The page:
Summer vacation prices are driven higher by surging demand
LOS ANGELES — Angelica Lopez went to great lengths to save a few bucks on a planned seven-day cruise to the Virgin Islands this month.
The West Covina, Calif., resident joined with 32 other people to get a group discount on the cruise. She then booked a cheap flight to the cruise port in Fort Lauderdale four months in advance. In all, she figures she saved about $1,500.
“I think the average person always has to watch their pennies, but I don’t think that should stop you from enjoying life,” said Lopez, an escrow account executive who is still bouncing back from the financial blow of a divorce in the middle of the Great Recession.
With the economy rebounding, Americans are taking vacations in near-record numbers again. But that surge in demand is driving up prices for travel costs such as airfare, hotels and attractions, making it tougher for many to afford that much-needed respite from the daily grind.
Americans will spend an average of $1,246 per person on summer vacations — about $100 more than last year, according to an online survey of 1,500 adults by American Express.
Airline tickets are expected to jump an average of 6 percent for the top 10 U.S. destinations, to $415 for a round-trip ticket, according to travel website Orbitz. The hottest summer destinations will have the biggest price increases.
The average round-trip flight to New York this summer is $345, up 18 percent from last summer, while the average hotel room in Honolulu is $248 a night, up 15 percent, according to Orbitz.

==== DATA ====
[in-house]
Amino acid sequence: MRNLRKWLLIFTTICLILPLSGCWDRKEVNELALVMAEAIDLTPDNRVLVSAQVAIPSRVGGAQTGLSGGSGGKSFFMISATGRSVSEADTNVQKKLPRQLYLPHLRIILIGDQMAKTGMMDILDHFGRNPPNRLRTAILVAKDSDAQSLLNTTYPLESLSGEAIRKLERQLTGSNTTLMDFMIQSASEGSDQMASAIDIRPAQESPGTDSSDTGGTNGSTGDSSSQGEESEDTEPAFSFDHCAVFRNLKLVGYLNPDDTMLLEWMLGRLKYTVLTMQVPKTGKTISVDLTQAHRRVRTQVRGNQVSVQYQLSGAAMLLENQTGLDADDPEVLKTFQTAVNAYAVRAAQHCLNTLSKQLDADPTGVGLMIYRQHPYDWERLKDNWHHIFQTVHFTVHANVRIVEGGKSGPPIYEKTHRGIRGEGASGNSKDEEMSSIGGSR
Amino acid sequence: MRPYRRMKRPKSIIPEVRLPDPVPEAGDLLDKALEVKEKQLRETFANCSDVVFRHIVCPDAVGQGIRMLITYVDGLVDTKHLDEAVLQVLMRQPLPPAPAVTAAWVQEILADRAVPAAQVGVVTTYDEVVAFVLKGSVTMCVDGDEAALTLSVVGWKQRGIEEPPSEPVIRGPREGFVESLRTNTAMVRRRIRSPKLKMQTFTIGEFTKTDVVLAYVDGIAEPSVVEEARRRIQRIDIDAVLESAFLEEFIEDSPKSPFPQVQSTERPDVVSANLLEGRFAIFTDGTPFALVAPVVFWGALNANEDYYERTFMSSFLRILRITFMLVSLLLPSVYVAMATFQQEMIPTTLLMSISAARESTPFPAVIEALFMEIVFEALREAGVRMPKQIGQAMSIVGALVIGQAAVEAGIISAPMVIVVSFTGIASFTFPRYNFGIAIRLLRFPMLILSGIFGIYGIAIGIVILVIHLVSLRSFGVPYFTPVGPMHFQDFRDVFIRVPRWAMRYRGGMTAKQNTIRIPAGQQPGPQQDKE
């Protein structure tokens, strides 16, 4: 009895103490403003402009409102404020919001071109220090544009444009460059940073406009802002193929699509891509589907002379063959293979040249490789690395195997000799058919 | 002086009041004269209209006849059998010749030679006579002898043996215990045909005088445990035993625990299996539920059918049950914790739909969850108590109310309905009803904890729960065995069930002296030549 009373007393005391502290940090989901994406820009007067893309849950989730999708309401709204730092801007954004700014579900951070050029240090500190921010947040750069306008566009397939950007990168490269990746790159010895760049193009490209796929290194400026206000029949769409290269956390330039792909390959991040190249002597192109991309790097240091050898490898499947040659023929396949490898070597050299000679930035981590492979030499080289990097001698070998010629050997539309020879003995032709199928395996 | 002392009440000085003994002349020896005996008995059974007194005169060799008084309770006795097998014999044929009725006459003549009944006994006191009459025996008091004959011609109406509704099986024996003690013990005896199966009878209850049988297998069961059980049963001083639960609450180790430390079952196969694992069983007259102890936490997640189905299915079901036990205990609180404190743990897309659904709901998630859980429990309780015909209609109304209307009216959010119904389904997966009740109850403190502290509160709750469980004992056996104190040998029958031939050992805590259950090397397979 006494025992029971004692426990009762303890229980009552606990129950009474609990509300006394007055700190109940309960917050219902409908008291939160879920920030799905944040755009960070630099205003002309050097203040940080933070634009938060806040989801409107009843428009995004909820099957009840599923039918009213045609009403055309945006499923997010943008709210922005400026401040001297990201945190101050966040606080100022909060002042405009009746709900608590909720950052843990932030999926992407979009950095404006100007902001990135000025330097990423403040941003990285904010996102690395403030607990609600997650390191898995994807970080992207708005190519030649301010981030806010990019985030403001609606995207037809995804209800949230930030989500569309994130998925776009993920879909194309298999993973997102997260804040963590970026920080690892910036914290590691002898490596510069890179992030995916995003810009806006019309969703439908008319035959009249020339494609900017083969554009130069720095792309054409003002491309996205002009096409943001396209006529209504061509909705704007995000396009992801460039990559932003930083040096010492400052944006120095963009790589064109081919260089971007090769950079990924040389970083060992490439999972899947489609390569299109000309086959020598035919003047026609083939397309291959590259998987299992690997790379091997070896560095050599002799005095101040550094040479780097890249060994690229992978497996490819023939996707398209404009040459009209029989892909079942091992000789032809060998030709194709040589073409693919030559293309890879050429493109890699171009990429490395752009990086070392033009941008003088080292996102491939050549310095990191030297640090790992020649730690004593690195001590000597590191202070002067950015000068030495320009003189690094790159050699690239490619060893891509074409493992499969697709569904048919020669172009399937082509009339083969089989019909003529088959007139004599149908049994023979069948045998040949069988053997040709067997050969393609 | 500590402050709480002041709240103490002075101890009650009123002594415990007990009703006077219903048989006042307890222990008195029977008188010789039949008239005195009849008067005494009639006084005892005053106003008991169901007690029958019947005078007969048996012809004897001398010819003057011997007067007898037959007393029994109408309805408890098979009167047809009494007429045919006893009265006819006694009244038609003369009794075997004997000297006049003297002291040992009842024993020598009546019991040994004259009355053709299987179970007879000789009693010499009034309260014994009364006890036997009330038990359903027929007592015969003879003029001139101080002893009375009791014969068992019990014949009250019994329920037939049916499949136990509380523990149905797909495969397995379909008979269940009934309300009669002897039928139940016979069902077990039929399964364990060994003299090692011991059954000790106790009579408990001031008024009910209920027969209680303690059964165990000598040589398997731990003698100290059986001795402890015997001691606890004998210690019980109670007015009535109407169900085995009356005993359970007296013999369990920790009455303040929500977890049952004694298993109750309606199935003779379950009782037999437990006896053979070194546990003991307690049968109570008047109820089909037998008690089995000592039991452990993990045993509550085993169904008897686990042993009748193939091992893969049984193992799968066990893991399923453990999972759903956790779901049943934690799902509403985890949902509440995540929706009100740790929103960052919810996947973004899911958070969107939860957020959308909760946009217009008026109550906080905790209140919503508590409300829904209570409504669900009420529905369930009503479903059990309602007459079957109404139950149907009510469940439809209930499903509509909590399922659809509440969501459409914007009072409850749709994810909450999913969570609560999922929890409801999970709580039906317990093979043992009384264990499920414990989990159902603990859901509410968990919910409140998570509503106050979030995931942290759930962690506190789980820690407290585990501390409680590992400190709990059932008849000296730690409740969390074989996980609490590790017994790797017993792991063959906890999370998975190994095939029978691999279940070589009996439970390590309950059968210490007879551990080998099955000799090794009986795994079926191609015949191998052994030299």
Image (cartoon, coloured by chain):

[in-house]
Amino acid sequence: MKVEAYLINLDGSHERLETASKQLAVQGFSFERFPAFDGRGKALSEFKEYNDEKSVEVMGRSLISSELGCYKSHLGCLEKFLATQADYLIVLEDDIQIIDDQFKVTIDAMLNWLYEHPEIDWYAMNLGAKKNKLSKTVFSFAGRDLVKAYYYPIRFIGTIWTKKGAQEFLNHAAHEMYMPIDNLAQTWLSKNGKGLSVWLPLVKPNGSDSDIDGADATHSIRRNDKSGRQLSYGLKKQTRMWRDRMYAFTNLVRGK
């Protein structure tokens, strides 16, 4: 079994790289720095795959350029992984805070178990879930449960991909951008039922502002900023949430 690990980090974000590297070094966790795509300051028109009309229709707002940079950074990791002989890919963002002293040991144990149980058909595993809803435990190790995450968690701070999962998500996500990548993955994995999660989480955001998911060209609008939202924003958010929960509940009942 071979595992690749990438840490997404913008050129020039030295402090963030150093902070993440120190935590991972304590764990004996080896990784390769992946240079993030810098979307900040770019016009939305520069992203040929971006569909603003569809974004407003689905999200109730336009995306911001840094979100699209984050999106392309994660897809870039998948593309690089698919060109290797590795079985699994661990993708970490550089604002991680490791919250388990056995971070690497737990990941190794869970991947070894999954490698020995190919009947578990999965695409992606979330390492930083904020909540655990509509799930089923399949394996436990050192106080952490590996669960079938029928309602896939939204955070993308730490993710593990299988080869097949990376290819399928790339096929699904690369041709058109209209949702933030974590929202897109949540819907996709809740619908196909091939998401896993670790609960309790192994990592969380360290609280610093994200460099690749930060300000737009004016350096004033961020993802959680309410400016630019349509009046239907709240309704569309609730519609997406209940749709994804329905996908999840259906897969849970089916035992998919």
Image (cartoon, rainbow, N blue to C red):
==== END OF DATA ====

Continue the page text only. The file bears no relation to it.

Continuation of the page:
The average hotel rate, meanwhile, will hit $115 this summer, up 4.9 percent, according to PKF Consulting.
Theme park ticket prices are also climbing. The Disneyland Resort in Anaheim recently raised its one-day tickets to $96, up $4 over last year, with a $1 increase in parking to $17. Universal Studios Hollywood hiked daily rates to $92, up $8 over last year.
The only break travelers will get this summer will be with the price of gas and rental cars, which should remain stable.
The higher prices are driven by surging demand. Three-fourths of Americans say they will take a vacation this summer, compared with 59 percent two years ago, according to the American Express survey.
Business travel is also on the upswing. Companies are dispatching workers on more trips and conferences this summer to take advantage of the improving economy. That puts high-spending business travelers in competition with vacationing family for hotel rooms and airline seats, putting upward pressure on prices.
Airlines, having learned their lessons from the recession, have been cautious about adding more seats and planes in response to the increased demand. That means air carriers don’t need to offer as many discounts to keep their planes full.
“You are not seeing airlines flood the market with an excessive amount of capacity,” said Henry Harteveldt, a travel analyst at Atmosphere Research. “What we are seeing is customers chasing seats.”
As wanderlust takes hold, the challenge for many Americans will be how to break away without breaking the bank.
“They are in better shape financially than they were in recent years,” said Robert Kleinhenz, chief economist at the Los Angeles County Economic Development Corp. “They ... are more willing to spend what continues to be a hard-earned dollar, but they are doing it cautiously, looking for value.”
The top money-saving techniques include cashing in loyalty reward points and shopping for groceries to prepare meals in hotel rooms.